Sunday, January 23, 2005


I just forced myself awake from a dead sleep. I had a nightmare that Jenn (my roomie) told me that she was moving in with her her SO when our lease ran out in May. I was flabbergasted, because I'd told her months before that as soon as they started talking about it, I would need to know, because I had no money in savings and wouldn't be able to make it on my own unless I had enough of a heads' up to plan. The deep sense of betrayal was extreme.

I then told her yea, that was fine, and I wanted nothing but her happiness, but I had no money, and it meant I'd be living out of a hotel.

She smiled broadly and hopped up and down and said,"OK" and beamed at her SO.

I then proceeded to have a hysterical breakdown. I just couldn't believe somebody I'd counted on was totally ditching me, alone, without any money, when I'd trusted her. I couldn't believe that after everything else, I was being ditched on the side of the road for an SO, never to be seen again. I felt totally betrayed, and she just beamed and beamed and beamed...

It's funny, because the abandonment-from-someone-you-trust and having no means to take care of yourself (money) are fears I know very, very well. I've been ditched with no money before. I don't think I just realized how deep my fear of being ditched with no money was until now.

It's a nightmare-worthy experience.

Moral of the story: I need to put some goddamn money in savings.

Reason I can now go to sleep now, after sitting awake full of terror for half an hour?

I realize I have well over a grand in 401(K) and stock money. I thought through how much money I could stockpile in two months, now that I've got my raise. Could come in early some mornings, beef up the paychecks. I put together a two-month exit strategy. I felt better.

I'll be fine.

Goddamn. The fears that keep you up at night.

6 comments so far. What are your thoughts?

Anonymous said...

That is a big fear of mine... I have made it a point to curb spending by doing things like bringing my lunch to work the majority of the time (leftovers usually) and renting movies more than going out for movies, that kind of thing. I have a small but growing nest egg. It will be a huge weight off your shoulders, and you will be proud of yourself when you see it happen! 

Posted by Beverly

Anonymous said...

Yea, I think it'll be good for me. I didn't realize how big this weight was until I had the nightmare. I'll sleep better with money in the bank.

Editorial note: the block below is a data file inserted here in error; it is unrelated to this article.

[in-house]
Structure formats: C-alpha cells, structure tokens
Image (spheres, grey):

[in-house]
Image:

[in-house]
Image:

Posted by Kameron Hurley

Anonymous said...

Putting money away in savings is a great idea. Kudos to you for jumping ahead, because there's nothing that feels like security more than a comfortable nest egg.

I'm completely intrigued by your nigtmare, though I'm sorry you had it and it caused you pain. I also wonder if your nightmares will end after you've set up your savings account. You've had a lot of experience with money and abandonment, and it's hard working through those issues and letting them go. So, just one question - besides abandonment, what does your rommates leaving for her SO mean to you? I'm a great believer that dreams present wonderful opportunities to focus on what's troubling our subconscious. 

Posted by Nikki

Anonymous said...

I think the standard security cushion is about 3mo. pay or living expenses. That may take you awhile, and typically many people your age do not have it. Many young established families and couples stuggle for many years to achieve it actually. In your 30's-40's given that economic Insecurity is more and more a factor in everyday American life, it really should be 1-2 years of savings. But hardly anyone is able to do that regularly. It takes a lot of diligence, determination and yes, sacrifice to get there. Try this guy [] for some suggestions, guidence or questions. The Motley Fools do well too []. They mostly write for a lay audience of non economists.

And You might talk to Jenn too about your fears, right? Draw up a contract if you think it might be an issue. I know your first legal assignment, and you've not taken the LSAT's yet. You want examples of contracts, right? Here's some: [] and these guys are very consumer friendly:HALT.ORG: []

Good luck, & other than the destruction and possible injury of your children this is the number 1 & 2 of the greatest hits in the nightmare regions of most sentient adults.  

Posted by VJ

Anonymous said...

I hear you on this. I like my roommate a lot, but she got a boyfriend this year and graduated from college last month and I just know he's going to insist they shack up the second our lease is up, and she'll go do it. Doesn't help either that "it's so cheap!" where he lives. I'm dreading finding another roommate big time. Unfortunately, once your roommate gets a boyfriend, I suspect it's only a matter of time before shacking up occurs. I swear, I'm the only girl out there who won't live with her boyfriend after a year, and when I had a boyfriend, it sure made finding roommates difficult.

*sigh* I wish us luck. 

Posted by Jennifer

Anonymous said...

Well, ideally, at some point I'll be making enough money on my own that I won't have to worry about it... In fact, I could probably afford a studio on my own right now without problem. But you know? I really *love* our apartment...

I have, in fact, been assured that we're good to go until summer of `06 when we part ways, but that doesn't seem to stop me from worrying about it, it appears. 

Posted by Kameron Hurley